ROCK ISLAND ARSENAL, Ill. -- The Army Sustainment Command hosted its first Sergeant Audie Murphy Club induction ceremony Jan. 17 at Heritage Hall in Building 60.

Sgt. 1st Class Matthew C. Favory was inducted into the prestigious noncommissioned officer-only association and serves as the provost marshal sergeant for ASC.

Favory, 27, a native of Fort Wayne, Ind., enlisted two days after his high school graduation from Norwell High School in Ossian, Ind., in 2003. Since then he has held numerous leadership and operations positions, including team leader, squad leader, platoon sergeant and drill sergeant.

He has served at Fort Hood, Texas; Fort Leonard Wood, Mo.; and Fort Shafter, Hawaii. Favory is currently pursuing a bachelor's degree in Homeland Security and Emergency Management from Ashford University in Clinton, Iowa.

Favory is the recipient of the Purple Heart; Meritorious Service Medal, the Drill Sergeant Identification Badge and Combat Action Badge.

The SAMC recognizes Army noncommissioned officers in the ranks of corporal through sergeant first class who display exemplary leadership, characterized by personal concern for the needs, training development and welfare of Soldiers. The club's namesake, Audie Murphy, rose to national fame as the most decorated U.S. combat Soldier of World War II.

Among his 33 awards and decorations he received the Medal of Honor, the highest military award for bravery that can be given.

To become inducted into the SAMC, a Soldier must be recommended by his chain of
command. After an NCO is recommended, two challenging boards must be passed which includes thoroughly knowing Murphy's biography, and providing responses based on leadership scenarios.

During the ceremony, Brig. Gen. John F. Wharton, ASC commanding general, and Command Sgt. Maj. James E. Spencer, ASC command sergeant major, presented Favory with the Sergeant Audie Murphy medallion and an Army Commendation Medal.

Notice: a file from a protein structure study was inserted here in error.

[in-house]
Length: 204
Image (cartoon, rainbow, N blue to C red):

"They must prove that they're that good, that they deserve this honor," said Wharton during the ceremony. "It's grueling, but at the end of it, they have the distinction of being one of less than 10 percent of NCOs who are members."

Wharton explained that because of the unique mission of the ASC, he relies heavily on his NCO corps. "I'm proud to say that the NCO corps here at ASC is up to the challenge, and consistently performs in a manner that reflects devotion to duty, technical excellence, and true leadership.

"Many who try to become members in this association never make it," said Wharton to Favory. "Achieving this membership took a great deal of time and commitment on your part, and required a lot of hard work, along with a willingness to be closely scrutinized in every aspect of your ability, appearance and performance.

"You are truly the very best of the best -- an NCO, the ultimate Soldier who, with your fellow NCOs, form the foundation of the world's best Army serving the world's best nation," said Wharton.

"To be a part of the SAMC is honestly a true honor," said Favory.

Favory said that having several supervisors that were SAMC inductees helped shape and lead him to believe he could be like them -- a positive influence on the next generation of Army leaders.

"To be a part of the club means that now I get to be that [kind of an] NCO for a Soldier out there," Favory said. "They were very good leaders and I attribute that directly to the success
that I have had in the last nine years."

Favory expressed that his family is his main motivation to excel in the Army.

"I would not be where I am for sure without my wife. She has definitely been my motivation to succeed and provide a better life for my family and everything through God," Favory said.